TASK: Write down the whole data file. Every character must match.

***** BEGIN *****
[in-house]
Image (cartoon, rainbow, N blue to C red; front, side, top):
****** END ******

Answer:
[in-house]
Image (cartoon, rainbow, N blue to C red; front, side, top):